Doctor insights on:
Herpies Of The Eye
There are different types of herpes infections; herpes simplex infection of mouth (gingivostomatitis) and lips (labialis) are the most common. Others include genital herpes, and herpes zoster. Herpes infection could very mild to very dangerous depending on the type and location of the body affected. I ...Read more
Nasal or saliva: Herpes simplex type 1 is acquired casually through the nasal secretions or saliva of a family member or friend who is shedding the virus. It resides in the ganglia of nerves and may activate and shedd when immunity wanes such as during illness & stress. A cold sore of the lip is one location. The eye can be infected if the nerve going to the cornea is involved. This infection is not an STD. ...Read moreSee 1 more doctor answer
Maybe: Researchers have been searching for ways to vaccinate people effectively against HSV and so far these trials have not been very effective. Since the virus is so embedded into the host cellular milieu, this is a formidable problem to solve. Nevertheless, prophylactic antivirals are usually very effective at preventing outbreaks. ...Read moreSee 1 more doctor answer
It can be: Treated by there is not a 'cure'. ...Read more
Yes but:: The standard approach to herpes zoster ophthalmicus includes oral antiviral therapy (acyclovir, valacyclovir, or famciclovir) to limit VZV replication, and the use adjunctive topical steroid drops to reduce the inflammatory response and control immune-associated keratitis and iritis ...Read more
What is the best Antiviral medicine to treat herpes conjunctivitis in the eye? And will my eye ever be white and clear again?
Herpetic conjunctivi: The most common medications used for herpetic conjunctivitis or keratitis are acyclovir and valacyclovir pills. There are also eye drops, like trifluridine that some MDs prescribe, but they are used for a very short time frame. I find the pills to be best. You may be prescribed antibiotic drops to prevent superinfection on top it, but it depends. Hope that helps. ...Read moreSee 1 more doctor answer
Can herpes enter the body through the eye? For ex spitball to eye/eyelash area? Or contacted from another part and then rides up the optical nerve?
Almost never: Most have been exposed to herpes during childhood and carry resistance. This includes the eye and its connecting structures. Herpes will only enter an adult if there is pronounced immunosupression or extreme debility. And a normal adult cannot transfer herpes from an infected sore on the body to another spot on the body. ...Read more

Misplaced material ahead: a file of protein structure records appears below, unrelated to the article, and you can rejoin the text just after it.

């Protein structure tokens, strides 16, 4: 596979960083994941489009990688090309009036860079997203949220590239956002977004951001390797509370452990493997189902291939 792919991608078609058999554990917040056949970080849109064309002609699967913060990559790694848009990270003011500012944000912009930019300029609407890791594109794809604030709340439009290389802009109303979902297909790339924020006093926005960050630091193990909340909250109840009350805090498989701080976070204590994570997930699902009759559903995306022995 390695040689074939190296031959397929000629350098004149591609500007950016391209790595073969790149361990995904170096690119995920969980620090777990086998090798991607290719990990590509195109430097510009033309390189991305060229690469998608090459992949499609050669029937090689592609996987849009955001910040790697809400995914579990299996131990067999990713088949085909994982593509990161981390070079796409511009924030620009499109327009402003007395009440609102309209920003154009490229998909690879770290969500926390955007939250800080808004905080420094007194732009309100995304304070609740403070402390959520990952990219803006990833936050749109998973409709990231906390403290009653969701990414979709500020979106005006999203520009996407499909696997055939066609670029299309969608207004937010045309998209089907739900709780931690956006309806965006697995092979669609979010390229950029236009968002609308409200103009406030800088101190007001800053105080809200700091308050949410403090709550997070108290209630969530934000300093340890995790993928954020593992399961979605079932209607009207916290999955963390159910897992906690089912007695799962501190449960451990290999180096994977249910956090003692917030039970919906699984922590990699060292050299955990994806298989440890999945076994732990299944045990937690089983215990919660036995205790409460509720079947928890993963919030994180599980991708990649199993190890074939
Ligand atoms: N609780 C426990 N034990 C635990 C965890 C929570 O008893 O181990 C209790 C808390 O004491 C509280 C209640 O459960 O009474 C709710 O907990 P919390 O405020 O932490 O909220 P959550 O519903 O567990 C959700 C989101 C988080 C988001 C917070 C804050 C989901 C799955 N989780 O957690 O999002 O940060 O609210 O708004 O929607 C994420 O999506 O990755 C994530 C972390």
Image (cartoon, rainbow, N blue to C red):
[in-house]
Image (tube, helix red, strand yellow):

Can I infect someone if I have Herpes Zoster in the eye? I have a bf with healthy eyes and we kiss and such so our faces are close to each other.
Chicken pox: You cannot transmit herpes zoster per se. If the person with you are in contact has not had chicken pox or chicken pox vaccination s/he could get chicken pox from exposure to shingle, as both diseases are caused by the same virus. For good health - Have a diet rich in fresh vegetables, fruits, whole grains, milk and milk products, nuts, beans, legumes, lentils and small amounts of lean meats. Avoid saturated fats. Drink enough water daily, so that your urine is mostly colorless. Exercise at least 150 minutes/week and increase the intensity of exercise gradually. Do not use tobacco, alcohol, weed or street drugs in any form. Practice safe sex. Get HPV vaccine. ...Read more
Depends: Most herpes in the eye is on the eye in fact the cornea. Treatment is with topical antiviral drops with good effectiveness in most cases within about 5 days. Herpes can also affect the interior of the eye, but this is rare. It can also be treated with systemic antivirals. Treatment takes longer and there is a risk of visual loss in these cases. ...Read more
How is iritis and herpes related? Would it have to be herpes of the eye? (was tested for HSV 1/2. 1 was pos; 2 neg. No cold sores ever).
Herpes and the eye: There are many possible causes of iritis, with herpes being one of more common causes. As indicated, herpes iritis is usually associated with involvement of the cornea, or front surface of the eye. In addition, herpes eye infections are almost always one-sided. So if both you have iritis in both eyes, this probably isn't caused by herpes. ...Read moreSee 1 more doctor answer